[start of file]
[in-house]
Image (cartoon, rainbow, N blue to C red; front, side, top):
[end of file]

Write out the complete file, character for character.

[in-house]
Image (cartoon, rainbow, N blue to C red; front, side, top):